Enthusiasm dulled slightly, however, as he reached the camp’s main thoroughfare. To his right, in the distance, he could see the white-and-blue banner marking Zircon Tensquad, his home of the last three years. A home to which he could not return.

He looked down at the Blade. It was awkward to carry with its incredible length and super-sharp blade. It glistened in the sunlight, its quartzlike patterns shimmering. Apparently, they would fade over time. The markings were a manifestation of the bond the sword had had with its master—a man who was now dead.

He couldn’t return to Zircon Tensquad, but that was only a manifestation of a larger issue. What of home? What of Stonemount, with its fields and simple farmers? No Shardbearers lived in small tribute villages—the ballads said they were needed to be at the sides of their lords, to go to war or to duel for honor. He would never be able to return to Stonemount. But he had no lordly family to honor and protect. He no longer had a place—not really a citizen, but not really a lord either.

Not really a lord at all. Merin knew all the songs, from “The Chronicle of the First Return” to “The Storms of Summer.” He wasn’t a man like the stories, he was a boy who had acted without thought. His rescuing of the king had been done out of reflex and luck, not out of heroism. He hadn’t even really killed the enemy Shardbearer, only distracted him.

This shouldn’t be mine, Merin thought. Surely someone will realize that.

He looked up, turning from Zircon Tensquad’s tents and looking to the northern side of the camp—toward the tents of the noblemen. He would find his answers there.

He began walking through the camp. Men bustled around him, collapsing tents, carrying supplies, packing equipment. Once he would have been befuddled by the enormous number of people. Stonemount was a Tenth City, a village of less than five hundred people. The tens of thousands that comprised the King’s Army had amazed him. Over time, however, the amazing had become mundane.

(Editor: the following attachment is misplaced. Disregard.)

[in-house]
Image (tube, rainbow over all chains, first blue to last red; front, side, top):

He passed massive chulls rested within their pens, the sound of crunching rockbuds echoing from within their boulderlike shells. Dark-eyed Kaven tribesmen watched him as he passed, speaking to each other in their rumbling language. Soldiers yelled and barked, giving and receiving orders, preparing for the movement of a beast larger, even, than the chulls—the beast that was the army itself. It was a mass of swarming men, every one of whom seemed to have a purpose.

Every one but Merin.

The nobleman’s section wound around several hills which provided seclusion from both regular soldiers and highstorms. The lords each camped with their own entourage, depending on their rank and power. Here, the tents became more colorful, and the banners bore sculpted—sometimes unrecognizable—glyphs instead of just simple colored stripes.

Merin paused. The glyphs represented houses, like the Shelh glyph that the one noble family in Stonemount had used, but these were unfamiliar to Merin. Who should he ask for help?

The tents were being collapsed, falling flat like squashed winter mushrooms. The workers were mostly soldiers. Nearby, he could see a small group of noblemen—distinguished by their dyed cloaks and seasilk clothing—watching the proceedings. Merin approached them uncertainly. He was a nobleman now, so he probably shouldn’t bow. What, then? Call out a greeting?

The lords noticed him before he made up his mind, their conversation falling silent. Beneath their disapproving stares, Merin was suddenly aware of his own clothing—simple tan trousers and shirt, stained from several years of use beneath his armor.

“Is that a . . . Shardblade you hold, boy?” one of the lords asked. He was a tall man, with long dark hair and a haughty, peaked face.

“It is. . . .” Merin said.

“Who did you take it from, boy?” the lord asked, stepping forward with a curious eye.

Merin took a step backward, grip tightening on the hilt of his sword. “I was given it by order of the king,” he informed. “On the battlefield, yesterday.”

The nobleman frowned, pausing. He studied Merin more closely. “Ah, yes. I recognize you now.” Then, he simply snorted, and turned back to his companions. The four men continued their discussion, as if Merin weren’t even there.

“Excuse me?” Merin asked, breaking into their conversation.

The lead nobleman turned again, eyebrow raised. “What do you want, boy?”

Merin flushed. “I’m just not certain what I should do,” he said. “Everybody’s preparing to leave. What’s my place?”

“You can go help pack my tent, if you wish,” the nobleman said, waving indifferently toward a group of working soldiers a short distance away.